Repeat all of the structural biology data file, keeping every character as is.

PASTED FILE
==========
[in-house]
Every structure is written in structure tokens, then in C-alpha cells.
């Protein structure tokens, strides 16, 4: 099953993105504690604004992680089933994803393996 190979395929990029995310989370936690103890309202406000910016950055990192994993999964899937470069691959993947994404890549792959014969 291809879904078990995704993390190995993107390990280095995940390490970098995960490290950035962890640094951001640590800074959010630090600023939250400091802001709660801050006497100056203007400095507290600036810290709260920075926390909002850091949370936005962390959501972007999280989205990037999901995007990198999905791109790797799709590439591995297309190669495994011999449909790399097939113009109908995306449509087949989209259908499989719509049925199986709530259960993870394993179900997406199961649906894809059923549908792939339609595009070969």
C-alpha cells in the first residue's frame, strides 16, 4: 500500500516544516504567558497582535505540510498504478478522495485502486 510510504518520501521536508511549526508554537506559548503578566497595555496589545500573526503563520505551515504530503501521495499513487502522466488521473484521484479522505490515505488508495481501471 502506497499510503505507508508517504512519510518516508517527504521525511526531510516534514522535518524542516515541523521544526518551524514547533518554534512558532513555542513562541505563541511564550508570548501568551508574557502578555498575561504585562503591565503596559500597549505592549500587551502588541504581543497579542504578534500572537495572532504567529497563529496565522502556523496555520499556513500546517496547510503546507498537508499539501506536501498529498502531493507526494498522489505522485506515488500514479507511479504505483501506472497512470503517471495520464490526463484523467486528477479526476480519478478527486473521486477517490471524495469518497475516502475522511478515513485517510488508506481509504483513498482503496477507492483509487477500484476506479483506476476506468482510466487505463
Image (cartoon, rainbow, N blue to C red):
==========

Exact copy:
[in-house]
Every structure is written in structure tokens, then in C-alpha cells.
């Protein structure tokens, strides 16, 4: 099953993105504690604004992680089933994803393996 190979395929990029995310989370936690103890309202406000910016950055990192994993999964899937470069691959993947994404890549792959014969 291809879904078990995704993390190995993107390990280095995940390490970098995960490290950035962890640094951001640590800074959010630090600023939250400091802001709660801050006497100056203007400095507290600036810290709260920075926390909002850091949370936005962390959501972007999280989205990037999901995007990198999905791109790797799709590439591995297309190669495994011999449909790399097939113009109908995306449509087949989209259908499989719509049925199986709530259960993870394993179900997406199961649906894809059923549908792939339609595009070969």
C-alpha cells in the first residue's frame, strides 16, 4: 500500500516544516504567558497582535505540510498504478478522495485502486 510510504518520501521536508511549526508554537506559548503578566497595555496589545500573526503563520505551515504530503501521495499513487502522466488521473484521484479522505490515505488508495481501471 502506497499510503505507508508517504512519510518516508517527504521525511526531510516534514522535518524542516515541523521544526518551524514547533518554534512558532513555542513562541505563541511564550508570548501568551508574557502578555498575561504585562503591565503596559500597549505592549500587551502588541504581543497579542504578534500572537495572532504567529497563529496565522502556523496555520499556513500546517496547510503546507498537508499539501506536501498529498502531493507526494498522489505522485506515488500514479507511479504505483501506472497512470503517471495520464490526463484523467486528477479526476480519478478527486473521486477517490471524495469518497475516502475522511478515513485517510488508506481509504483513498482503496477507492483509487477500484476506479483506476476506468482510466487505463
Image (cartoon, rainbow, N blue to C red):